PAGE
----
Previous research has suggested a link between low vitam...

    Changing Diets Mean More Americans Are Anemic Now

    Growing numbers of Americans aren't getting enough iron in their diets most likely due to changes in farming practices and a shift away from red meat, researchers report.

    The upshot: Rates of iron-deficiency anemia are on the rise.

    "Iron deficiency remains a major public health issue even in a developed country such as the United States," Dr. Ian Griffin and Dr. Marta Rogido wr...

    Vitamin D May Lower Black Women's Odds for COVID-19

    Unlocking a clue to why Black women might be more susceptible to COVID-19, a new study shows that low levels of vitamin D may increase their risk of infection.

    That doesn't mean that people should rely on vitamin D supplements to protect themselves against COVID-19, however, because vaccines are the only proven protection against the disease.

    For the study, researchers assessed vita...

    Too Little Sunlight, Vitamin D May Raise Colon Cancer Risk

    New research finds that countries with more cloudy days tend to have higher colon cancer rates. Lower levels of vitamin D, the "sunshine vitamin," may be to blame.

    So, boosting your vitamin D levels through exposure to sunlight could help reduce your risk of colon cancer, according to researchers at the University of California, San Diego.

    "Differences in UVB [ultraviolet-B] li...

    How Healthy Are the New Plant-Based 'Fake Meats'?

    More and more Americans are seeking out healthier, greener and more ethical alternatives to meat, but are plant-based alternatives like the Impossible Burger and Beyond Meat truly nutritious substitutes?

    The answer is yes, according to new research funded by the U.S. National Institutes of Health. It found the imitation meats to be a good source of fiber, folate and iron while containing ...

    Healthy Levels of Vitamin D May Boost Breast Cancer Outcomes

    Breast cancer patients who have adequate levels of vitamin D - the "sunshine vitamin" - at the time of their diagnosis have better long-term outcomes, a new study finds.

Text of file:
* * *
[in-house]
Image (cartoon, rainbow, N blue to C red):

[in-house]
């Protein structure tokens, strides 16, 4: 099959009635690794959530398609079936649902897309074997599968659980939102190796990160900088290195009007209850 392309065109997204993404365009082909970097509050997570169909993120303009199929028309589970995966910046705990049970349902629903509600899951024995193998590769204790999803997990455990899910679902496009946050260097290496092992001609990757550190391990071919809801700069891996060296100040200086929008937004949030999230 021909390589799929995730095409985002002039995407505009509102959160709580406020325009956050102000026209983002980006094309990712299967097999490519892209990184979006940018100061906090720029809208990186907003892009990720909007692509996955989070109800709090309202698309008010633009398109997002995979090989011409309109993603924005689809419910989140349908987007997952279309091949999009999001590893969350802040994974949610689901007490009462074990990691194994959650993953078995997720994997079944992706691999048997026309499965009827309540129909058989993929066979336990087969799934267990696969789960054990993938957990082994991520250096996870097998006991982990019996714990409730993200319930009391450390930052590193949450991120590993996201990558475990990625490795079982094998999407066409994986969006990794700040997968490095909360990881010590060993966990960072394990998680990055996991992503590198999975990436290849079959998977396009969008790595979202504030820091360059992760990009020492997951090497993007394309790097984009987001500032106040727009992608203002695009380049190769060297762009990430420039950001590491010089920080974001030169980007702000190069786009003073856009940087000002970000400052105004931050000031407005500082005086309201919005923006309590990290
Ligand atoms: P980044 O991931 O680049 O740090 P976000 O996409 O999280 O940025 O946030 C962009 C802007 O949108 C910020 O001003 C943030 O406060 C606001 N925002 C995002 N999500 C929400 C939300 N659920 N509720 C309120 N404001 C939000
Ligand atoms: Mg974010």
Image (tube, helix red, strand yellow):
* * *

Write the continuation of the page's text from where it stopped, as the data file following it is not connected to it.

Combined with the results of prior research, the new findings suggest "an ongoing benefit for patients who maintain sufficient levels [of vitamin D] through and beyond breast cancer treatment," said study lead author Son...

    A Vitamin Could Be Key to Women's Pain After Knee Replacement

    Older women with low levels of vitamin D may have more pain after total knee replacement than those with adequate levels of the nutrient, a new study suggests.

    Vitamin D is an important part of a healthy diet, and its benefits include protecting against bone disease and maintaining soft tissue health.

    Estrogen deficiency, inactivity and a lack of sun exposure have been linked w...

    Should Black Adults Take Vitamin D Supplements to Help Their Hearts?

    Vitamin D deficiency among Black people may be a risk factor for heart disease, a new, small study suggests.

    Black adults are more prone to heart disease than whites, and lack of vitamin D -- the so-called sunshine vitamin -- might be one reason. People with darker skin make less vitamin D than those with lighter skin, especially when they live in areas where exposure to sunlight is low,...

    High Vitamin D Levels May Help Prevent COVID-19, Especially in Black Patients

    Vitamin D -- better known as the "sunshine vitamin" -- might protect you from COVID-19, a new study suggests.

    Researchers said that the protection is particularly potent among Black people.

    While vitamin D levels of 30 nanograms per milliliter (ng/ml) or more are typically considered sufficient, Black people who had levels of 30 to 40 ng/ml had nearly triple the odds of testing posi...